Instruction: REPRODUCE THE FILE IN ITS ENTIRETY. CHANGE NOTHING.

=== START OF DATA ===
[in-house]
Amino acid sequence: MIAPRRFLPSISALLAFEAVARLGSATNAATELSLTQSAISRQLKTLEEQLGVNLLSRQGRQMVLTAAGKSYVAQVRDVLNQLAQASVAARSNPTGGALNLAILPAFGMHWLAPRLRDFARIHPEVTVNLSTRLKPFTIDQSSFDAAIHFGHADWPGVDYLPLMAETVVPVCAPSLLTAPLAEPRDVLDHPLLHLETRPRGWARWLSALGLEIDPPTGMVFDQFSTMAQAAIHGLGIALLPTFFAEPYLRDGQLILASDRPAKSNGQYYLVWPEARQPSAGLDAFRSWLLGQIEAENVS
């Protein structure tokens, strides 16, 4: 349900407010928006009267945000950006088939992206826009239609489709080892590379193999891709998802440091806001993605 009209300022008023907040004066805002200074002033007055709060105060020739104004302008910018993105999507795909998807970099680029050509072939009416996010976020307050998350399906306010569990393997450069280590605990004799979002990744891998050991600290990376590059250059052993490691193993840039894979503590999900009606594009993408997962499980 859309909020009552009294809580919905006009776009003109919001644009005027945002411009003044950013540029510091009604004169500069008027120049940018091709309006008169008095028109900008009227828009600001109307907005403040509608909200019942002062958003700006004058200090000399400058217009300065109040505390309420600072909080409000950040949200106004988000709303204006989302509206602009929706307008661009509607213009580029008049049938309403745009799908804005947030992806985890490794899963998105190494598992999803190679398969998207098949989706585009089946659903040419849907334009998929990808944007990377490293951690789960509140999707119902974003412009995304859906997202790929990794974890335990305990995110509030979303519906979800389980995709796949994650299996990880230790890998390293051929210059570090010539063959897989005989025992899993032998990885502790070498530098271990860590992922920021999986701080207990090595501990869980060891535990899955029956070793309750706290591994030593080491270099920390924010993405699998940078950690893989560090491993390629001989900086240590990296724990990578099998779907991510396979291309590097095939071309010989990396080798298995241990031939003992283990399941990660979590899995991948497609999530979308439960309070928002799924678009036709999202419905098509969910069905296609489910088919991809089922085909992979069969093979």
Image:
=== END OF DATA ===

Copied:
[in-house]
Amino acid sequence: MIAPRRFLPSISALLAFEAVARLGSATNAATELSLTQSAISRQLKTLEEQLGVNLLSRQGRQMVLTAAGKSYVAQVRDVLNQLAQASVAARSNPTGGALNLAILPAFGMHWLAPRLRDFARIHPEVTVNLSTRLKPFTIDQSSFDAAIHFGHADWPGVDYLPLMAETVVPVCAPSLLTAPLAEPRDVLDHPLLHLETRPRGWARWLSALGLEIDPPTGMVFDQFSTMAQAAIHGLGIALLPTFFAEPYLRDGQLILASDRPAKSNGQYYLVWPEARQPSAGLDAFRSWLLGQIEAENVS
């Protein structure tokens, strides 16, 4: 349900407010928006009267945000950006088939992206826009239609489709080892590379193999891709998802440091806001993605 009209300022008023907040004066805002200074002033007055709060105060020739104004302008910018993105999507795909998807970099680029050509072939009416996010976020307050998350399906306010569990393997450069280590605990004799979002990744891998050991600290990376590059250059052993490691193993840039894979503590999900009606594009993408997962499980 859309909020009552009294809580919905006009776009003109919001644009005027945002411009003044950013540029510091009604004169500069008027120049940018091709309006008169008095028109900008009227828009600001109307907005403040509608909200019942002062958003700006004058200090000399400058217009300065109040505390309420600072909080409000950040949200106004988000709303204006989302509206602009929706307008661009509607213009580029008049049938309403745009799908804005947030992806985890490794899963998105190494598992999803190679398969998207098949989706585009089946659903040419849907334009998929990808944007990377490293951690789960509140999707119902974003412009995304859906997202790929990794974890335990305990995110509030979303519906979800389980995709796949994650299996990880230790890998390293051929210059570090010539063959897989005989025992899993032998990885502790070498530098271990860590992922920021999986701080207990090595501990869980060891535990899955029956070793309750706290591994030593080491270099920390924010993405699998940078950690893989560090491993390629001989900086240590990296724990990578099998779907991510396979291309590097095939071309010989990396080798298995241990031939003992283990399941990660979590899995991948497609999530979308439960309070928002799924678009036709999202419905098509969910069905296609489910088919991809089922085909992979069969093979």
Image: